By: Martha Cecilia Ovadia, Senior Program Associate, Equity and Communications

The Funders’ Network 20th Anniversary Conference, March 18-20, will offer plenty of opportunities to experience and explore Miami, including five mobile workshops created in partnership with Urban Impact Lab, and a post-conference tour that will focus on the impact of local anchor institutions.

Read below for more information — and be sure to check out our full #TFNMiami agenda here.

Register here.

Post-Conference Tour: Additional Spots Available!

Anchoring Change: The New Civics of Miami’s Next Economy

Wednesday, March 20th
12:00 p.m. – 4:30 p.m.

Updated Itinerary: In a city that is constantly shifting and changing, universities, hospitals and other place-based institutions have become essential building blocks of Miami’s civic infrastructure. Join this post-conference mobile tour to Florida International University to hear and discuss how Miami’s leading institutions are partnering with the philanthropic sector to leverage the myriad resources they direct to help create an inclusive economy in a city that continues to struggle with deep economic disparities. Featured projects include StartUp FIU, the Grow2Heal initiative at Baptist Health of South Florida’s Homestead Hospital, and the Urban League and Broward County Public Schools’ procurement partnership. The bus for this visit boards immediately upon close of the conference at noon and will drop participants at Miami International Airport by 4 p.m. before returning to the hotel. Lunch-on-the-go will be provided.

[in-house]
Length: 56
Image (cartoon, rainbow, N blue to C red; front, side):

Mobile Tour Designers and Discussion Moderators:

  Valeria Perez-Ferreiro, Vice President, Citi Community Development
  Janisse Schoepp, Vice President of Operations and Strategy, Health Foundation of South Florida